by Steve Healey CTA (Life) *
Some members of the tax profession have argued that the Australian Taxation Office – by introducing automation, standard business reporting and other efficiencies – has stepped ‘over the line’ and is ‘taking’ processing and compliance work away from accountants and tax advisers.
Examples they have cited include myTax and the expansion of other ATO self-service products at the expense of maintaining and improving those that supported tax practitioners such as Electronic Lodgement Service (ELS), Practitioner Lodgement Service (PLS) and Tax Agent Portal.
I suggest that the ATO isn’t reducing the traditional work of accountants. Technology and technological change is. It’s essential for practitioners to accept this fact and move forward. The profession’s reaction is, of course, similar to that of other professions and industries that are seeing their traditional models disrupted by technological change. Examples include the taxi, transport and accommodation sectors, to name but three.
With change comes uncertainty and, the greater the rate of change, the greater the concern from those operating under traditional business models. That said, it can be equally held that change brings opportunity and provides a platform (often said to be a ‘burning platform’) for the creation of new offerings, together with renewed approaches to the traditional way of doing things.
According to the ATO’s Future of the Tax Profession Symposium Closing Address, larger firms have implemented the use of Robotic Processing Automation (RPA) or artificial intelligence to undertake Goods and Services Tax (GST) and Business Activity Statement (BAS) preparation as well as simple audits and lodgements. Many of these firms believe that automation has enabled the delivery of services beyond the traditional tax practitioner services at reduced cost and risk.
Concerns about changes brought about by technology don’t end at job reduction. The ATO’s report states the change in the nature of tax work for the young professional who may struggle to build up sufficient capability and skills.
The ATO’s report also shared concerns that more open access to data increased cybersecurity risks, the potential for breaches and identity fraud.
The decline of the ‘knowledge guardian’
It’s critical that we adopt such a mindset, as guardians of a body of knowledge that’s no longer exclusive to us as tax professionals.
These changes are also creating new platforms and paradigms for professional services practitioners and don’t mean there will no longer be a role for practitioners. Rather, practitioners will play an even more important role in distilling a plethora of information, data and knowledge to deliver forward-looking insights, using tools and connections across a far wider spectrum than traditionally possible.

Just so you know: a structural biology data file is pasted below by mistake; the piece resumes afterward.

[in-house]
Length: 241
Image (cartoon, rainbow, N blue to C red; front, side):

The concepts of ‘knowledge guardians’ and trusted practitioners are not exclusive to accountants, lawyers and tax practitioners, but span all professions (e.g. the medical and education professions). With the expansion of technology solutions, the unfettered access to knowledge via the internet, and the ever-increasing capability of machines (and therefore increasing consumer empowerment), traditional models for delivering professional services and engaging practitioners will continue to disintegrate.
The rise of the ‘trusted concierge’
When we think of a concierge, we think of someone who may work in a hotel or, perhaps, a personal concierge performing errands for their affluent employer. That said, the word ‘concierge’ evokes thoughts of connectivity, resourcefulness, cooperation, problem-solving, advising, empathy and effective communication.
The concierge also seeks to ask questions to more accurately target customer needs. It is a word that carries trust although, given the importance of trust in any profession (including our own), it’s worth reinforcing that.
The term ‘trusted concierge’ represents a model in which the professional occupies a privileged position with the client (a position of absolute trust), is able to facilitate solutions to a wide range of complex problems and, while not necessarily having all the answers, has the ability to source and deliver those answers.
Recognising client empowerment
It’s critical that we recognise our clients are now far more empowered and armed with much greater knowledge. They are also increasingly demanding and determined to pay far less than they once did for what might be described as the provision of traditional services. With the ever-increasing amount of information available, it’s essential to change both the services we deliver to clients and the way we deliver these services.
We will need to ask more questions and seek information faster and more efficiently, using a combination of technology and human connectivity. We will need to shift our mindset from the ‘expert who has all the answers’ to the ‘trusted concierge who listens and works with clients and other sources to provide the answers’.
Although the future of the tax profession is a matter for the ATO, it is also a matter for the profession itself. Change is inevitable. While technological changes may affect the way tax practitioner services will be delivered, it is unlikely to fundamentally shift the demand for them in the shorter term. Practitioners will need to consider how they adapt to these changes.
For many, this is a fundamental but critical shift in thinking and in the way we approach our relationships with our clients, our people and the broader connected community.
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